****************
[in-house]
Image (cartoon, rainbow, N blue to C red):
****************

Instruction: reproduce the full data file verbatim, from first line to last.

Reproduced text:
[in-house]
Image (cartoon, rainbow, N blue to C red):